The Most Glaring Difference Between The Silverton Siege And Its Movie Depiction

In a suburb of the South African capital city of Pretoria, on the morning of January 25, 1980, members of the Umkhonto we Sizwe, otherwise known as MK, had to act quickly. The MK was the military wing of the African National Congress (ANC), a black nationalist political party formed to push back on South African apartheid policies (per Britannica). What transpired has come to be known as the Silverton Siege. That story is now told in a dramatized Netflix movie of the same name, directed by Mandla Dube (via Netflix).

On that morning in 1980, MK members were on their way to attack oil depots in nearby Mamelodi. When they learned their plan had been discovered, they changed tactics, as CBGist explains.

Whenever true stories are adapted for the screen, some things are changed while some points stay true to history. Here's where the movie "Silverton Siege" diverges from history.

What was the real Silverton Siege?

When they realized they were tailed by the police, MK members scrapped their plan to attack the oil depot, and headed for a Volkskas Bank branch instead. Once there, MK members took 25 hostages, and a six-hour stalemate between the MK and the police ensued. At that point in 1980, the ANC and the MK were banned in South Africa. The group's leader, anti-apartheid and South African civil rights activist Nelson Mandela, had been imprisoned for some 16 years.

The demands of the real MK members at the Volkskas Bank in 1980 were much the same as Netflix represents: R100,000 (about $6,000 in today's money, according to Currency Rate). The outlaw MK militant activists also demanded safe passage to the Mozambique capital, Maputo. Most importantly, though, their stand launched what's known as the Free Mandela movement. That movement would upend the South African social order and eventually contribute to Mandela's release from prison (via CBGist).

What was the Free Mandela Movement?

In addition to money and an escape to Mozambique, the real MK members at Volkskas Bank in 1980 demanded to speak with their state president. Their aim was to negotiate the release of Nelson Mandela and another ANC colleague, named Mange (via South African History Online). In addition to the Volkskas bank standoff, the Free Mandela movement was first adopted within South Africa by the Sunday Post Newspaper, according to the Anti-Apartheid Movement (AAM) website. The Free Mandela movement was also embraced and widely supported in Great Britain.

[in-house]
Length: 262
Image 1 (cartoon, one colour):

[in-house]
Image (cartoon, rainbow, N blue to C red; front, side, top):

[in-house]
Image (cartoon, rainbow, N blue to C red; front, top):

Helping further the cause, many British cities declared Mandela a freeman, including Glasgow, Scotland. Over time, massively well-attended events like the "Nelson Mandela: Freedom at 70" concert at Wembley Stadium in 1988 helped accomplish the goal. Once released, Mandela thanked the AAM for its support. Most importantly, though, work within South Africa was influenced in no small part by the Silverton Siege. That set the stage for Mandela's eventual release, but also the end of apartheid in democratic South Africa (via AAM).

Did the real Silverton Siege happen like it did in the movie?

On the day that the real Silvertone Siege took place, MK members stormed the Volkskas Bank sometime in the noon hour. Eyewitness testimony varies. The MK members remained focused on the ground floor of the bank, and many people on upper floors managed to escape. The Police Anti-Terrorist Unit was soon on the scene. Shortly thereafter, negotiations began between MK members and the police. By roughly 7 p.m., police made their move. Three MK members as well as two hostages were killed. The injured were rushed to a nearby hospital, according to South African History Online. The siege was over; MK demands were never met.

The Netflix film diverges from what actually happened on a few points in the timeline. In the movie, gunfire erupts much sooner than it did in real life, and the death of two MK members is attributed to in-fighting within the group, when in reality they were likely killed by police. The two civilians killed in the real Silverton Siege also died under much different circumstances. There were also more exits available, through which some people escaped the bank building (via CBGist).

Netflix gave the Silverton Siege a Hollywood ending

The most glaring difference between the Netflix production "Silverton Siege" and what actually happened is in the overall tone of the movie. The Netflix films adds action elements and the feel of a heist movie to the true story. Much less violence occurred in the real Silverton Siege until later on in the day, when the police seized the bank. The names of the MK members were also changed in the script, and some characters were completely made up.

Although pivotal in the development and eventual success of the Free Mandela movement, the Netflix film also presents the Silverton Siege as a much more clear-cut starting point for Nelson Mandela's release. In truth, some trace of the movement existed prior to the true-to-life standoff (via South African History Online). Director Mandla Dube told Pulse that he had bigger themes in mind when he directed the movie. "The film was very intentional as we considered how do we give young people access in the mind, to go out there and grab it, go for it and internalize what freedom means to them ... to be able to question their leaders and demand a change," Dube said.